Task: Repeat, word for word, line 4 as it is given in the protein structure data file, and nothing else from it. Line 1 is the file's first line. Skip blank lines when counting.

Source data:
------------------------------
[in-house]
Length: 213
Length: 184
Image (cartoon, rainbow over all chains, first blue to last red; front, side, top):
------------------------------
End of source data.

Image (cartoon, rainbow over all chains, first blue to last red; front, side, top):